Database Migration Links
File Transfer Accelerators/File Copy Hints and Tips:
Migrating databases means there will be a requirement for copying
database files or export dumps from one location to another. Typically,
network speed between the two locations will be configured for normal
business workloads, not for the huge database file lifts that migration
projects can require. We therefore may need to identify ways to make the
most of the network capacity we have. In very extreme cases it may require copying files to tapes and physically transferring them to the target location, but usually we can get the performance we need either by multithreading our file copy jobs using standard file copy utilities, or by adopting a File Transfer Accelerator (FTA) utility.
The need for FTAs arises because standard TCP-based utilities such as sftp, ssh, scp or whatever don't work efficiently. Processes can end up spending more time waiting for acknowledgements
than sending data due to the way they work - TCP is serial in nature and it wont send the next set of data until the previous one is completed, including resolution of lost packets, hence the wait time. The FTAs that are available are based on the UDP protocol, rather than TCP. UDP isnt as robust as TCP in terms of managing packet loss, so the point of the FTAs is to provide that missing functionality in a way that avoids the latency issues that TCP experiences. The FTAs also include appropriate Security and other functionality to provide a complete and robust file transfer solution.
In an otherwise unloaded network link I have witnessed transfer rates at very close to the theoretical line speed, thus maximising the throughput that is possible for a given line. For example, for a 100 mbps line (45 GB/h) I have seen transfer rates above 40 GB/h using FTA utilities, compared to anything from maybe 2-12 GB/h using standard TCP-based utilities.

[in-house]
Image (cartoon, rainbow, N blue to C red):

FTAs I have encountered include these...
Aspera : I have used Aspera
File Transfer Accelerator tools on two projects. They are cheap,
flexible, easy to install, easy to use and achieve considerable
improvements of data throughput across networks compared to standard
: FileCatalyst sounds similar to Aspera, but I havent used it to date
so have no experience to base any opinion on. The linked page on the
FileCatalyst website does, however, provide a useful summary of why
using ftp and TCP can be slow.
Linux Tip: Super-Fast Network File Copy : Some tips on using standard Linux utilities like netcat and ssh to optimise throughput of file copies
Tsunami UDP - Tsunami UDP is an open source file transfer protocol which is suggested by Amazon Web Services to use when transferring files to the AWS Cloud. I havent had an opportunity to test it, but it looks similar to Aspera and FileCatalyst, so presumably offers similar functionality and performance to tools those, but with a lower price tag!
Oracle Datapump Links:
Database Migration Resources:
EMC - Planning a Data Centre Migration - Good article covering some of the key success factors for relocating a large data center to a new facility.
Technical-Communicator.com - Documentation for Data Centre Migrations
SearchITChannel - Three steps to a successful data center migration plan
InfoSys - Successful Data Center Migration - eBook covering an end to end approach for Data Center migrations
Migrating to the Cloud - Technet Article on Oracle.com. The title refers to the Cloud, but the article itself is pretty reticent about it and the theme is really "stuff to consider when migrating from non-Oracle to Oracle". Nevertheless, it offers a pretty good high-level summary of how to undertake such migrations.
Amazon RDS - Amazon Relational Database Service (Amazon RDS) is a web service that
makes it easy to set up, operate and scale a relational database in the
cloud. This link describes the technical options currently available to migrate to Amazon RDS.
Data Migration and ETL Tool Links
Migration to Oracle from Non-Oracle
Oracle Migration Path - Oracle Partner Network Article showing the recommended database migration path to follow
when using the services available from the Oracle
Platform Migrations Group (PMG). Includes numerous links to other resources and information sources, for example...
ISV - Migrating to Oracle 9i/10g - Oracle slide deck talking about migration from non-Oracle to Oracle and the Oracel Migration Workbench
Third-Party Migration Providers - Oracle's preferred third-party migration providers offering consulting in a variety of
locations for a fixed price or on a time and materials basis